5. Depth: This may go along with “Universe.” It is the sense that every character and place had a life and history before the time captured in the novel, and that they continued to have a life and history and life after. I hate to think of my protagonist living “happily ever after.” He has more life to live. He also has almost 40 interesting years prior to the novel. It was tough, during the planning, to turn these 40 years into random comments during the novel. Originally, they were meant to be the novel! The same is true of the history of the planet or, indeed, humanity in the future. Even many secondary characters got quite a history. I want the novel to feel like the reader just got a glimpse into something far larger. This is a feature that really struck me about Tolkien’s books.

    6. Arc: From Ms. Weiland, I got the idea of planning. From Mr. Brooks, I got the parts of a novel. After I wrote out my 9 plot points, I filled them in with an actual novel. I have 3 viewpoint characters, so I will confess a debt to JK Rowling to get an idea how to format the outline. But, it was great to see how to really punish and torture the protagonist. His low point is really low, and he has some real highs, despite a somewhat sad ending. My original plan was rather flat.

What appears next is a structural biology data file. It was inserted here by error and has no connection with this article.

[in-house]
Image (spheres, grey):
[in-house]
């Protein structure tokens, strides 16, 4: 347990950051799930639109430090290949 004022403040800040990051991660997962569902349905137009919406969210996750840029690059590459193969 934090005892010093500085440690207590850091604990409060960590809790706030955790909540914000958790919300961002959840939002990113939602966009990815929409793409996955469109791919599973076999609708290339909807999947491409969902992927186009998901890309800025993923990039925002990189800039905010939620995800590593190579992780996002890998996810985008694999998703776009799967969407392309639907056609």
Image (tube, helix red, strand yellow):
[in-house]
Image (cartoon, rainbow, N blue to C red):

These aren’t exactly the format raised by either Ms. Weiland or Mr. Brooks, but these are the more important lessons I pulled from both. As I noted, 9 failed novels certainly gave me some lessons as well. I am excited to type this current novel. I don’t know if it will ever lead anywhere, I just know that this is the first one that has gotten me excited.

    I will also add an important lesson for prospective writers out there: humility is a vital part of improving one’s craft. Though I wish I had learned these and other lessons when I started writing, I suspect that I would not have learned them. I have now failed often enough that I’m more open to advice. I realize now that I am not an infallible expert.

    #10 may not be the success that I hope it is, but at least now I have some hope for the future. After all, hope is what keeps us going. At age 37, it is time for some hope!

  14. Jim Rac

    @ Jason – thank you for sharing your lessons learned, I found them quite inspirational!

  15. @Jason: This is fantastic! I’m absolutely thrilled you found my book helpful in progressing your writing journey – and I’m honored to be in such awesome company as Larry’s. All of your “lessons” are excellent, but I particularly resonate with what you say here: “These aren’t exactly the format raised by either Ms. Weiland or Mr. Brooks, but these are the more important lessons I pulled from both.”

    For all that we’re all walking essentially the same road, we all also have to find our own way, learn our own lessons, and create the processes that work best for us and our individual visions for our stories. Keep it up!